In the direction of sustainability

In the direction of sustainability

Soon the long days of summer will evaporate into football games on Friday nights. In the stadium stands, we can see a basic truth: our schools and community are inextricably tied. In the sea of Panther blue and white, the preschooler and the alum from the 1970s, the cheerleader and the local business owner, the excited pee-wee player wearing his first jersey and the senior in the student section is almost indistinguishable. We are there for one purpose and we are all on the same side. 

Public schools serve the community. The community funds and supports public schools. The partnership between our schools and community can be described in many ways. It is a legislated relationship. It is a traditional bonding. It is symbiotic. It is real.

The Springboro school district stands in an almost unheard of position today. Even after plans to invest millions in technology, curriculum, buildings and buses, and even after providing every employee with raises, we are financially prepared to give something back to the taxpayer – to give back to our community by reducing their tax burden. The renewal levy on the ballot in November will be set at a lower millage rate to reduce taxes generated by that levy by nearly 15 percent.

With every step, we are proving that this district with its record of excellence is sustainable with an even lower tax burden. This is almost unheard of in school or local government today. The idea seems so foreign to some that there is even a call in our community to keep the renewal for the full amount.

There is an assumption that if we are cutting the taxes; we must be cutting back in our schools. This is simply FALSE.  The following needs are in the current budget through 2017:

         •        high school busing restored

•        over $2 million in text books and new adoptions

         •        over 2.1 million for new buses

         •        over $3.7 million in capital needs and deferred maintenance

•        over $1.5 million in technology (100% WiFi, 1,000 computers, 350 teacher laptops)

•        over $7.5 million for our staff in raises and benefit changes

These are met in the five-year forecast even with the lower renewal levy. This reduction of almost 15 percent millage is equal to $1,353,800 per year that we are giving back to our community.

How is this possible?

         •        The May 2013 five-year forecast included a surplus of    $7.55 million in 2017.

         •        After the approval of contracts with the teachers, classified and exempt staff, the five-year forecast still reveals a surplus of $7.2 million in 2017.

         •        Springboro Community City Schools will receive 6.5% more in 2013-2014 than in the previous year from the State of Ohio (approximately $828,000) as well as 10.5% more in 2014-2015 (approximately $1.2 million).

         •        Since 2012, 2013, the district has received $3.5 million per year as a result of a pipeline that has been completed.

         •        A second pipeline is possible; however, the district’s current forecast assumptions DO NOT include the additional funding it may bring to the district.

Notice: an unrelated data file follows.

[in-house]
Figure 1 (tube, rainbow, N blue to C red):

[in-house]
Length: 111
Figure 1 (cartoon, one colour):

Not only have we proven that we can live within our means, but now every person in this district—our children and families, our staff and teachers, and the taxpayers–will benefit.

This is significant when placed in the context of five failed levies that sought to raise our taxes by up to $45,000,000. Our community sent a clear message again and again that there could be no new taxes. The board—elected by that same community—remembers that we are all on the same side in the pursuit of true educational attainment.  As it became clear through our due diligence into the finances of the district that we could meet our needs with less money, the board voted to request lower millage in the renewal levy in November.

If you budget $300 for a monthly car payment but you find the car you need with every option for $250, do you tell the dealer you’d still like to pay more? Of course not. We’re not selling a rundown clunker at the reduced price. We are meeting and exceeding state mandates as well as local expectations. We are building a technology backbone, investing in computers, curriculum, buses and buildings – we are putting children first.  Most important, we are being honest about what is needed through 2017. This is reform at the local level, and this is working together toward sustainability.


In the direction of unity….

In the direction of unity…..

With the first day of school upon us in late August, we enter into the comfortable routines of a new school year.  Each year begins with the hope and prayer of a fresh beginning on both sides of the fence, teachers praying for well-behaved students and children fervently praying for “nice” teachers.

The new year also brings with it new employment contracts with our support staff and our teachers. Combine that with the technology plan being assembled and implemented, new buses for our children’s safety, a sustainable facilities maintenance plan, a tax break for our taxpayers, and our district is in an entirely different situation from recent years when wave after wave of levy campaigns sought to raise taxes.